“There’s a middle school representative, high school, principals, ESPs, so everyone has a voice,” Maki says.
“Because we all have different things going on in our work for our students.”
Andrews offers this advice to educators who want to have a voice in key decisions: Start building a collaborative relationship with management in whatever work is underway, then work to formalize educator participation. Bring in outside facilitators, if needed.
And local leaders must stay in communication with members.
“If you’re a leader, surround yourself with people working toward the goal, and be sure to ask for feedback,” Andrews suggests. “Then, as you achieve small successes, get the word out. You’ll have momentum and better buy-in moving forward.”
Want to have a voice in how your district spends its pandemic relief dollars? Here are four things you can do:
- Talk to your building representative and answer your locals’ surveys about what students and educators at your school need.
- Learn more about labor-management collaboration. Take an e-course or download NEA’s Collaborating for Student Success guidebook at nea.org/CollaborativePractice.
- Tell us your priorities for school rescue funding using NEA’s ranking tool.
- Share this story with your colleagues.
Two earlier relief packages included some funds for schools. But after hearing from millions of public school advocates, Congress passed President Biden’s American Rescue Plan (ARP) in March. Educators and parents sent thousands of letters and made thousands of calls through NEA, resulting in $170 billion for education—the greatest single investment in America’s public schools ever. Of those funds, $122.8 billion are earmarked for K–12 education.
The money has started rolling out in some states, while others like Wyoming have only received funds from the first two waves so far.
As much as the Natrona County schools have accomplished, there is still more that could be done. Maki says that long before the pandemic, she wished every middle school could have two full-time counselors. Some mornings there are students waiting for her when she arrives. “And there are days I can’t get to everybody, and five kids have to go home, and I haven’t had a chance to check in with them,” she says.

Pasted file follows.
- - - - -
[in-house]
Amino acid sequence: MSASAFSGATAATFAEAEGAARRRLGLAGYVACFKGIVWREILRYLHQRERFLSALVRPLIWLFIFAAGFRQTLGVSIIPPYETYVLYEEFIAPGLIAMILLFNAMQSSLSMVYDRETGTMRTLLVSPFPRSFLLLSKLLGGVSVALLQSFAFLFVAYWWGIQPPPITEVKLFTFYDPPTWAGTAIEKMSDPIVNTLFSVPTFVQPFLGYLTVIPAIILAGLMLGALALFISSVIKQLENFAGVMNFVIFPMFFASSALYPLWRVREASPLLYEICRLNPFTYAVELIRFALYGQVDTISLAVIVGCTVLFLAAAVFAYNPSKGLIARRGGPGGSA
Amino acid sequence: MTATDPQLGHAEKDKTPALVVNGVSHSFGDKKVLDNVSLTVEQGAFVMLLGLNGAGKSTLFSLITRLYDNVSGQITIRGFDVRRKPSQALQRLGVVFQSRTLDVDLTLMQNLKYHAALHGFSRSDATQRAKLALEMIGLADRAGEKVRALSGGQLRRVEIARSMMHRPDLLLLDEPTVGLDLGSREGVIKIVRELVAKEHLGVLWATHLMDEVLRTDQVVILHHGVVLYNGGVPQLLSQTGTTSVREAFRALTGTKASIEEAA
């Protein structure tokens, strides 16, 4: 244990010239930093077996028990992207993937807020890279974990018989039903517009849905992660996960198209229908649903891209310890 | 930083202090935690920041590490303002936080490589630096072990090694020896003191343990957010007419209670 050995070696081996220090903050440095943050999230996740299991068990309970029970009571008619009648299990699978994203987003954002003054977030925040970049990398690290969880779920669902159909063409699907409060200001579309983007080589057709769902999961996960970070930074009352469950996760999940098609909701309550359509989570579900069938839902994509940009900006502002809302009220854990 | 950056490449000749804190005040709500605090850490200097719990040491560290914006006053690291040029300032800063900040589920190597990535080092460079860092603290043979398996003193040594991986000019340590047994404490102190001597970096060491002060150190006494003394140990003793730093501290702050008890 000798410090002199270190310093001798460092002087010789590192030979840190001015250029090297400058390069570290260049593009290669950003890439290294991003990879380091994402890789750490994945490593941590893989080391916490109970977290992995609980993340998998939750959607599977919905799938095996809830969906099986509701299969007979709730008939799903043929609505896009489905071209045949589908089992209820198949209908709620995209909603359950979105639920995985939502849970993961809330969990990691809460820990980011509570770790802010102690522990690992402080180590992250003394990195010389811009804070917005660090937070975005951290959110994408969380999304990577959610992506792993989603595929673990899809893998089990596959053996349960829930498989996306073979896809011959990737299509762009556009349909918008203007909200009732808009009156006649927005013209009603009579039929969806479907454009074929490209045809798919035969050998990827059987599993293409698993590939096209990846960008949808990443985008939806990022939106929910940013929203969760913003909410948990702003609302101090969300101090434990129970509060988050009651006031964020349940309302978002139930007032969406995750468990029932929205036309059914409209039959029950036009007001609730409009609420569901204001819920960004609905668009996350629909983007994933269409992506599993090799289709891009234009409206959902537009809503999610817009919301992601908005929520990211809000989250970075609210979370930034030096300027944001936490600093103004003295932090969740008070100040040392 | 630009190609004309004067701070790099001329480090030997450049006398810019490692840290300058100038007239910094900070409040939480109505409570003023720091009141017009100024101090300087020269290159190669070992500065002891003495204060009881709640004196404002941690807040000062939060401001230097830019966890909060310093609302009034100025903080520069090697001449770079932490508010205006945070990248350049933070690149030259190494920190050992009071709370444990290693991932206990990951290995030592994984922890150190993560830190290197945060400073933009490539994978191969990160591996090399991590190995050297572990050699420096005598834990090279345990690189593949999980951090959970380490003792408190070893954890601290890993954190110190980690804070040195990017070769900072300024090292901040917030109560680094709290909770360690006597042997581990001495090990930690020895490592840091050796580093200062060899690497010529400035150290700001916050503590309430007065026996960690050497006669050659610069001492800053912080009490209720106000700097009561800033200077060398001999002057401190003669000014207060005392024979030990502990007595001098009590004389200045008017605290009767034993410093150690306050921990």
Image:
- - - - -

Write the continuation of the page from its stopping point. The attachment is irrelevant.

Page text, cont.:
“We may not realize right away that we’re making a difference until the kids come back, even a week or two later, and say, ‘Thanks for listening,’” Maki says. “They know we’re those dependable people who are here for them.”
Across the Country, Pandemic Relief Money Is Helping Schools
Iowa City, Iowa
What They Won
- Twenty-eight new academic support specialists—one for every Iowa City school—and six new full-time school nurses
- Additional language arts and math teachers at every secondary school, enabling smaller classes and targeted support for struggling students
- Funding for summer school in 2021 for every first-grader who was not proficient in math or in reading, plus additional non-proficient students in other grades
- A two-week summer “Boost” program at every middle and high school to offer social-emotional learning and academic coaching to rising 7th-10th graders
- A new position of restorative-justice coordinator
How They Did It
Four years ago, Iowa unions—such as the Iowa City Education Association (ICEA)—lost core collective bargaining rights. But that doesn’t mean they lost their voice. Through a framework of Labor-Management Collaboration, ICEA guided how more than $27 million would be spent.
What They Won
- 33 new school counselors, 88 literary specialists, and other specialized instructional support (SISP) positions
- professional development for CEA members on racial disparity, equity, diversity, and inclusion
- stronger COVID-19 protocols that rely on public health data
- upgrades to HVAC systems in many schools
How They Did It
The Columbus Education Association relied on both its strong collective bargaining capabilities and its labor-management collaboration structures to get important supports for students and educators. Since March 2020, CEA and the school district have negotiated a series of memorandums of understanding (MOUs) to address changing circumstances.
What They Won
- A rapid testing program to facilitate the return to in-person learning in the early days of the pandemic
- A new summer learning program that included a separate contract for the educators who staffed it
- Additional paraprofessionals to aid student learning
- The ability to hire retired educators to mentor struggling students
How They Did It
The Millard Education Association engages in both collective bargaining and labor-management collaboration. The local regularly surveyed and listened to members during negotiations to get feedback and refine goals, and to keep tabs on member well-being. The result were substantive changes that benefited students and educators alike.